For companies in the United States seeking to do what is legal, shell corporation is almost a requirement. For companies seeking to do what is right, it is a little more difficult.

The business advantages advantages are clear: secrecy, tax avoidance… those are the two primary benefits. But those are some incredibly large benefits. If a corporation could hide profits or hide assets, it can not just benefit the shareholders but also the executives that manage the secrecy and tax avoidance.

What the right thing to do is very difficult question. If no competitor is using shell corporations, then the right thing is clearer. Despite the legal loophole having been available and known by legal professionals for decades, it was considered immoral and uncouth to use shell corporations fifty years ago. Now, even the CEO of Apple, the largest corporation by valuation, is unapologetic about being “smart” to avoid taxes. Tax accounts and lawyers are quick to point out that tax avoidance is legal but tax evasion is illegal. And all human’s in their right mind would know that not all legal activity are moral, as is not all illegal activity are immoral.

Use of shell corporations, then, comes down to choosing whether it is the right thing to lose some market advantage and profits to shareholders for contributing adequately to an economic system that benefits to held corporation that actually produces products and services. It comes down to allegiance.

Apple, I’m picking on Apple because it is the largest company in the world, but it definitely is not leading the two-faced allegiance of corporations. Apple, like many other companies, have decided that it can be a Irish corporation even though it is headquartered in California. It is basically stating that it is legally Irish but not actually. The true test of such things is this: in a war between the nations of its legal headquarters and its business headquarters, and if these nations asked Apple to contribute to the war effort the way companies did during World War II, which side will Apple choose? Or maybe it won’t choose a side at all and flee or just take advantage of the situation on both sides somehow. Ultimately, its action will either make it American or Irish or a corporation of some other nation… or… a sociopath. And that’s the disturbing thing about this moral dilemma. While the first three statements reveal Apple’s true identity as a national interest or a corporation with no backbone, but we also allow it to be a sociopath when we don’t allow people to be so. And this isn’t an argument for allowing people to be sociopathic. This is an argument to disallow corporations from being sociopathic. Don’t allow shareholders be sociopathic through a legal framework. Considering only wealthy people own shares of corporations – whose ever heard of a homeless who died of being homeless – why do we allow wealthy people to be sociopathic?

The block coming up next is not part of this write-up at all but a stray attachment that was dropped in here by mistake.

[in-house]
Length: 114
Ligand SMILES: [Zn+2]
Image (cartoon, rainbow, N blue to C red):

How do you like applying moral philosophy to Compliance? 


Marcus Maltempo is a compliance professional with more than a decade of experience helping banks, law firms and clients manage investigations and regulatory responses. He is a member of ACAMS and ACFE. 

Week In Compliance: Wolverine charged by SEC